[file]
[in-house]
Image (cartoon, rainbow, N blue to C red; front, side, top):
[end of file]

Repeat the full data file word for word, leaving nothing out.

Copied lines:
[in-house]
Image (cartoon, rainbow, N blue to C red; front, side, top):